I love the challenge of executing something in a single shot. It requires extensive planning, communication, lots of rehearsals, creative choreography, and a little luck. Although this promo for Ghost Hunters ended up with cuts, the original idea and execution were all geared towards a single take which would show us around a house in the process of being actively haunted.
Our location was a historic mansion on Staten Island, the location of a 90s mob hit and a late-1800s suicide. By all accounts, it was actually haunted, but we had to go in and make it look like that and more, all in the span of a 30-second spot.
I was lucky to have a highly communicative collaborator in director Evan Glaser, who walked me through his vision for the spot while listening to my and my team's creative ideas, and the limitations of the location. We started out with a rough walk-through, built up to photos of each room and space, and eventually mapped out the whole shot with an iPhone video. Using that as a base reference, Evan and the creative team then built the spot with speed ramps, cues written in, and voiceover, which would become our template on the shoot day.
So much of creating a single-shot sequence is about repetition. You walk it through over and over, and build on it each time. You find moments that could be sped up, others slowed down, areas that are “dead” and need some sort of action, where you can hide lights, what obstacles the operator has to avoid, etc.
Once you arrive on the shoot day, it feels like time has stopped. We planned our day around the idea of shooting right before dusk, so that we could shoot until it was too dark. The goal was to have just a little blue in the sky so we could see our house at the end. We spent almost 6 hours lighting, running cables, coordinating “jump-scare” gags, and rehearsing the move. I will usually spend the time to come up with better looking plots, but due to the tight turnaround between the scout and shoot, I opted for photos and overheads with written notes to get my crew on the same page.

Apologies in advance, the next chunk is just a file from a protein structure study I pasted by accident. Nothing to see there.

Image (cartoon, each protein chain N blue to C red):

It felt like we weren’t getting anything done, despite the flurry of activity. But suddenly the sun hits the right spot in the sky, the lighting cues are all set, and the AD is anxious. So you start to roll, and very quickly, it all comes together beautifully.
Gaffer Billy Macartney used a DMX board to control all of the lights in the spot. From his control booth on the porch, he was able to cue light flickers, lightning effects, and make adjustments from take to take when something was too colorful or too bright.
This spot was lit with a K5600 Lighting Joker 1600 with an Octobank to create our moonlight from outside. As we progress through the house, we use an Arri Skypanel S60c to wrap the moon beams around the house and into the dining room, where a 1k Parcan on a doorway dolly creates our moving-headlights gag, casting a creepy shadow on the far wall. Astera Titan tubes fill out the next room and hallway for lightning strike effects.
An equally crucial contributor was Steadicam operator Tanner Carlson, who added his own flair to the move, finding moments that could be adjusted to help the overall flow of the spot. He also proved adept at avoiding obstacles in the tight hallway, and was able to navigate backwards down the front stairs and land on a perfect frame of the car pulling in every time.
Check out the final spot below:
As always, the conversation continues on Instagram (@dkruta). Please feel free to send me any questions or comments. I love chatting about cinematography and I’m always interested to hear your thoughts.